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Posts Tagged ‘Language’

Morsi on the cover of Time magazine

Is it the feeling of inferiority or a deep urge to show off that makes Arab politicians use English language when interviewed by foreign media? Rarely do we see a German or French politician doing so. As to  US or UK officials giving interviews in Arabic – forget about it. What to say then about a PM or president…

Nobody knows why president Morsi chose to use English to answer the questions of Time magazine. But Morsi messed things up mixing apes and judges in his incomprehensible speech: (more…)

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Throughout history, the fate of pioneering thought and pioneering books has always been hard and the fate of pioneering writers is, most of the time, tough and merciless. Such writers gain during their lifetime more enemies and fame than readers and money. But these in particular are the minds that trigger big leaps in the progress of science and society; even though they are systemically victims of sever repression. History is full with examples of writers tortured and books burned.

One of the most interesting pioneering arabic books is Lous Awad’s “Introduction to the Jurisprudence of the Arabic Language”, the controversial book that questioned the origin and history of Arabs and arabic language. This book may be the only one (other than Taha Hussein’s “On Jahili Poetry”) to doubt and debate the conventional history of a language considered sacred by millions of Muslims around the world. Awad’s “Introduction” was censored and banned (and still is in Egypt and some Arab countries) soon after it was issued in 1981. Researchers and critics had no reach to the contents of the book and views it contained other than the articles and books written against it. Ironically one of the main sources to access Awad’s prohibited theories was the book of his enemy Badrawi Zahran “Refuting the Slanders Against Quraan and it’s Language and other Absurdities Fabricated by the Arabized Crusade Louis Awad” (all this a title!!). But did Awad really fabricate slanders and does his book contain absurdities, and which beliefs did Awad question and doubt to deserve such hostility and condemnation?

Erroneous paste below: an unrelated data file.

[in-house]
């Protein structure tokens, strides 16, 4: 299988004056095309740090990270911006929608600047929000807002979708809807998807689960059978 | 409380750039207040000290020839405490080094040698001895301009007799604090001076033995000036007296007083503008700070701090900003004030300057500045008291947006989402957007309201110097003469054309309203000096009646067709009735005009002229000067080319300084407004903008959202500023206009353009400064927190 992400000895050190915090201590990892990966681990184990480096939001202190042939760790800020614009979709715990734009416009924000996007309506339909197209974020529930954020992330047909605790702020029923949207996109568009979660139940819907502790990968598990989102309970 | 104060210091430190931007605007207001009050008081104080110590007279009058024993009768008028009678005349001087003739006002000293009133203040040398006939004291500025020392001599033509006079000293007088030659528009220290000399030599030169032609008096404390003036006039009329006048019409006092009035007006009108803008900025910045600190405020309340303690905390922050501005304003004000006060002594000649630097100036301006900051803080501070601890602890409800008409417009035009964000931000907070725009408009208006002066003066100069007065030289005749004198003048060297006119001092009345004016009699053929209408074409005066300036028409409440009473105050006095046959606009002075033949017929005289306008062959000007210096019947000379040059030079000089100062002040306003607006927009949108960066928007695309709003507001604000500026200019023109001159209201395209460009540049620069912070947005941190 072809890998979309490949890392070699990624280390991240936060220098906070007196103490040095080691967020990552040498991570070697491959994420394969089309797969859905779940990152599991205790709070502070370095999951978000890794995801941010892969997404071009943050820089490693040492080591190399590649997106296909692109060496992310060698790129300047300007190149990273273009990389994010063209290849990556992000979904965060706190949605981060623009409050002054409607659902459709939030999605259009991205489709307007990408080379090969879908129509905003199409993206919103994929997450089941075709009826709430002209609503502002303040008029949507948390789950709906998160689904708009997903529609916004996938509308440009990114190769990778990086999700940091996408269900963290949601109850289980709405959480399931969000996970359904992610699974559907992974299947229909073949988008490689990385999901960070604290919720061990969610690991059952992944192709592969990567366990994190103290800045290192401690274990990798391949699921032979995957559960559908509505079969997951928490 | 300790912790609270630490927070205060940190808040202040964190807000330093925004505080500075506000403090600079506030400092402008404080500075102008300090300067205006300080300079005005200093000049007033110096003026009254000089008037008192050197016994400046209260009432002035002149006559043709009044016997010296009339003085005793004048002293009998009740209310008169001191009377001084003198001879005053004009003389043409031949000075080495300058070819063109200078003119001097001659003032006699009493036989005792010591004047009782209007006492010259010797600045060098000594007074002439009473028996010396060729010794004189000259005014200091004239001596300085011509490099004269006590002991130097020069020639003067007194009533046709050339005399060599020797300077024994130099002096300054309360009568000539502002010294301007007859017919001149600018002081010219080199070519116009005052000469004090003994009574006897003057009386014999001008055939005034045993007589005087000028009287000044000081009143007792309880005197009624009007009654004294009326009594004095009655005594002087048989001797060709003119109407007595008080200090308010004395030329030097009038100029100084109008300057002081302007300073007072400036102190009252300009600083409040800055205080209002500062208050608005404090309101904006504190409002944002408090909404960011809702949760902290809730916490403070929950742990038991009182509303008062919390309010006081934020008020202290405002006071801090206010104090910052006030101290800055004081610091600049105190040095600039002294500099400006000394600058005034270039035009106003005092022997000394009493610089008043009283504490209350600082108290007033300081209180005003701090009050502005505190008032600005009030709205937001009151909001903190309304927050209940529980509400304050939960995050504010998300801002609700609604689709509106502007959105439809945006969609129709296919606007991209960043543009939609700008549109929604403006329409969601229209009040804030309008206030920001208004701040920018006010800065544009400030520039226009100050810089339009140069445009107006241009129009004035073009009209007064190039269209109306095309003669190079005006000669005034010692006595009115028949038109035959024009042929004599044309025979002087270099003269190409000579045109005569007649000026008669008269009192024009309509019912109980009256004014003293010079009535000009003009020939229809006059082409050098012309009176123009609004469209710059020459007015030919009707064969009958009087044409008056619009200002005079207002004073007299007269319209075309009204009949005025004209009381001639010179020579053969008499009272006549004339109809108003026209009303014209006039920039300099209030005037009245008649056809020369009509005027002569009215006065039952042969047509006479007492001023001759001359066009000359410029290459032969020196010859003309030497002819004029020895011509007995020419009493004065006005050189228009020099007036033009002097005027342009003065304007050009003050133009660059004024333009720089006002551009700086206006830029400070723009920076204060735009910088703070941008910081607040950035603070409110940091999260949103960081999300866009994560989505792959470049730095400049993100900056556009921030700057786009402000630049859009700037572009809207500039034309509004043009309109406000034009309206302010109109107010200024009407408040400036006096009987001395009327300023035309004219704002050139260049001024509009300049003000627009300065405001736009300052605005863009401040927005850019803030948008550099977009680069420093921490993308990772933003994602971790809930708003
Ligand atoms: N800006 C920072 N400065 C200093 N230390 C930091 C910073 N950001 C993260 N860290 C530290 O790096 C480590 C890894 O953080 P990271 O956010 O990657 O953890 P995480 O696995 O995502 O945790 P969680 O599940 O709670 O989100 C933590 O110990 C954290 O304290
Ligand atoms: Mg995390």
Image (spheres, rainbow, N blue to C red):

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In search for a decent “qaf” for this blog I found out that the Phoenician letter “qaph” is written exactly as the capital Latin Q. Several other Latin and Greek letters are believed to originate from the Phoenician alphabet. Letters like M, S, K still carry this resemblance.

Gold plates with Phoenician writing

If such small similarity between alphabets is sometimes clear, the differences are much clearer.

Other than being written from right to left, Semitic alphabets have no vowels. Vowel sounds are not usually depicted in a script even when a vowel changes the whole meaning of a word. Semitic nations considered vowels not worth of being written. Even though Hebrew and Arabic contain minor signs (not letters) to express vowels visually (nikkud and harakat), you may notice that these signs are usually ignored. In some words the constants written are not more than half of the real sound of the word. You have to know by heart how a word sounds or guess which vowel to supply for a given constant in it. Such writing systems are called “abjad” systems.

Russians say: east is a peculiar case. East cannot be understood. It should be accepted as it is. This may apply perfectly to Middle East where the expressed part of life is not more than half of what people experience. Political problems are half expressed. Solutions are half solutions and the easiest way to resolve a conflict is simply to hide its consequences, just like a vowel, while it actually does not seize to exist there wouldn’t be any-verbal reference to it.

A Tunisian girl raped by police last September is now facing jail for ‘INDECENT BEHAVIOR”. Tunisian justice seems trying to suppress any voice disturbing the newly-set order of things in this pioneering arab-spring state. The easiest way to do it is to hide vowels, to stop victims from appealing to courts rather than directly addressing the problem.

A Tunisian protester holds a placard reading ‘Congratulations Madame Hillary for this thief and rapist government’ on September 28, 2012, in Tunis, during a meeting of support to a woman who was raped by two policemen. (Photo: AFP/Getty Images)

In Lebanon any discussion regarding the 15 long years of civil war is still a taboo. It is not that Lebanese people have already jettisoned sectarian animosity. It is only that no one wants to talk about it.

Examples of the “abjad system” applied in Middle East everyday life are plenty.  Duality between what is said and what is seen, what things are and what they are officially called has become a part of the functioning system. Will Arab Spring change this pattern? The Tunisian example is not promising.

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